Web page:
JoCaml

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JoCaml
Developer(s) INRIA
Stable release 4.01 / March 2014
Operating system Cross-platform
Type Programming language
License LGPL
Website http://jocaml.inria.fr/

JoCaml[1][2] is an experimental functional programming language derived from OCaml. It integrates the primitives of the join-calculus to enable flexible, type-checked concurrent and distributed programming. The current version of JoCaml is a re-implementation of the now unmaintained JoCaml[3] made by Fabrice Le Fessant, featuring an modified syntax and improved OCalm compatibility compared to the original.

JoCalm was used by team Camls 'R Us to implement a distributed ray tracer,[4] earning 2nd place on the ICFP 2000 programming contest.

Example[edit]

type coins = Nickel | Dime
and drinks = Coffee | Tea
and buttons = BCoffee | BTea | BCancel;;
 
(* def defines a Join-pattern alternatives set clause
   * '&' in the left side of '=' means join (channel synchronism)
   * '&' in the right hand side is parallel processing
   * synchronous_reply :== "reply" [x] "to" channel_name
   * synchronous channels have function-like types (`a -> `b)
   * while asynchronous ones have type `a Join.chan
   * only the last statement in a pattern rhs expression can be an asynchronous message
   * 0 in an asynchronous message position means STOP ("no sent message" in CSP terminology).
   *)
 
def put(s) = print_endline s ; 0 (* STOP *) 
  ;; (* put: string Join.chan *)
 
def give(d) = match d with
                 Coffee -> put("Cofee")
                 | Tea -> put("Tea")
              ;; (* give: drink Join.chan *)
 
def refund(v) = let s = Printf.sprintf "Refund %d" v in put(s) 
    ;; (* refund: int Join.chan *)
 
let new_vending give refund =
  let vend (cost:int) (credit:int) = if credit >= cost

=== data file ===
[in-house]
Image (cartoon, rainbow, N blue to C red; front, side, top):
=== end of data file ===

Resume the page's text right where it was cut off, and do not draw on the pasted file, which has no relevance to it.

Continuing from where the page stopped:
then (true, credit - cost)
                      else (false, credit)
  in
  def coin(Nickel) & value(v) = value(v+5) & reply to coin
  or coin(Dime) & value(v) = value(v+10) & reply to coin
 
  or button(BCoffee) & value(v) = 
     let should_give, remainder = vend 10 v in
     (if should_give then give(Coffee) else 0 (* STOP *)) 
             & value(remainder) & reply to button
 
  or button(BTea) & value(v) = 
     let should_give, remainder = vend 5 v in
     (if should_give then give(Tea) else 0 (* STOP *)) 
             & value(remainder) & reply to button
 
  or button(BCancel) & value(v) = refund( v) & value(0) & reply to button
  in spawn value(0) ;
  coin, button  (* coin, button: int -> unit *)
  ;; (* new_vending: drink Join.chan -> int Join.chan -> (int->unit)*(int->unit) *)
 
let ccoin, cbutton = new_vending give refund in
  ccoin(Nickel); ccoin(Nickel); ccoin(Dime); 
  Unix.sleep(1); cbutton(BCoffee); 
  Unix.sleep(1); cbutton(BTea); 
  Unix.sleep(1); cbutton(BCancel);
  Unix.sleep(1) (* let the last message show up *)
  ;;

execution

$ jocamlc example.ml -o test
$ ./test
Cofee
Tea
Refund 5

See also[edit]

References[edit]

  1. ^ Qin Ma and Luc Maranget (2004). "Compiling Pattern-Matching in Join-Patterns". Proc. of the 15th International Conference on Concurrency Theory. LNCS (Springer-Verlag) 3170. 
  2. ^ Qin Ma and Luc Maranget (2008). "Algebraic pattern matching in join calculus". CoRR. abs/0802.4018. 
  3. ^ Sylvain Conchon and Fabrice Le Fessant (1999). "Mobile agents for Objective-Caml". ASA/MA. 
  4. ^ Louis Mandel; Luc Maranget. "Programming in JoCaml". Inria research report 6261. 

External links[edit]